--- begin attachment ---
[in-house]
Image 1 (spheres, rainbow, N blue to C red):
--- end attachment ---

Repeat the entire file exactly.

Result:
[in-house]
Image 1 (spheres, rainbow, N blue to C red):